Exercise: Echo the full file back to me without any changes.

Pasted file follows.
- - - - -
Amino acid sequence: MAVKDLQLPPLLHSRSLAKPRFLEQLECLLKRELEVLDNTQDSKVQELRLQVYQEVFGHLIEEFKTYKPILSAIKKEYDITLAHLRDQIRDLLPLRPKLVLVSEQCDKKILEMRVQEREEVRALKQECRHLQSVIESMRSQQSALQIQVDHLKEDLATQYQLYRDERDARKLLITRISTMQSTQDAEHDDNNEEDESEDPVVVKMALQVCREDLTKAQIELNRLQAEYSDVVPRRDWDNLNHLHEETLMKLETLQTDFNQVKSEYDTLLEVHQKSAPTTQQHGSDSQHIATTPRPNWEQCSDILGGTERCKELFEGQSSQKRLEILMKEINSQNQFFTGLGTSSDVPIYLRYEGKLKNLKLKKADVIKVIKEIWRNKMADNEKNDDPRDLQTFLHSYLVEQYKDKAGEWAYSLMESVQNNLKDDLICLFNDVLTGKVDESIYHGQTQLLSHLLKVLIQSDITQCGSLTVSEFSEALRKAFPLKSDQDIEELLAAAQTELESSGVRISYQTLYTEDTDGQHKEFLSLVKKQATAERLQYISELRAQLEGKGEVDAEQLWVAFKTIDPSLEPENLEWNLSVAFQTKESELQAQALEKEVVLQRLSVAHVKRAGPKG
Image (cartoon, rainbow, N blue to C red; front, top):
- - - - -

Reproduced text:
Amino acid sequence: MAVKDLQLPPLLHSRSLAKPRFLEQLECLLKRELEVLDNTQDSKVQELRLQVYQEVFGHLIEEFKTYKPILSAIKKEYDITLAHLRDQIRDLLPLRPKLVLVSEQCDKKILEMRVQEREEVRALKQECRHLQSVIESMRSQQSALQIQVDHLKEDLATQYQLYRDERDARKLLITRISTMQSTQDAEHDDNNEEDESEDPVVVKMALQVCREDLTKAQIELNRLQAEYSDVVPRRDWDNLNHLHEETLMKLETLQTDFNQVKSEYDTLLEVHQKSAPTTQQHGSDSQHIATTPRPNWEQCSDILGGTERCKELFEGQSSQKRLEILMKEINSQNQFFTGLGTSSDVPIYLRYEGKLKNLKLKKADVIKVIKEIWRNKMADNEKNDDPRDLQTFLHSYLVEQYKDKAGEWAYSLMESVQNNLKDDLICLFNDVLTGKVDESIYHGQTQLLSHLLKVLIQSDITQCGSLTVSEFSEALRKAFPLKSDQDIEELLAAAQTELESSGVRISYQTLYTEDTDGQHKEFLSLVKKQATAERLQYISELRAQLEGKGEVDAEQLWVAFKTIDPSLEPENLEWNLSVAFQTKESELQAQALEKEVVLQRLSVAHVKRAGPKG
Image (cartoon, rainbow, N blue to C red; front, top):